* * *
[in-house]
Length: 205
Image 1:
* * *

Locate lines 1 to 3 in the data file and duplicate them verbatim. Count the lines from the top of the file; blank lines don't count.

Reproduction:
[in-house]
Length: 205
Image 1: